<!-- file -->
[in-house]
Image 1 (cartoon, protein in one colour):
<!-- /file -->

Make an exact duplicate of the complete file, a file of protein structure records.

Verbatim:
[in-house]
Image 1 (cartoon, protein in one colour):